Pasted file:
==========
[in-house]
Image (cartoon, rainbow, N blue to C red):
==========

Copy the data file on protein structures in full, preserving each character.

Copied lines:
[in-house]
Image (cartoon, rainbow, N blue to C red):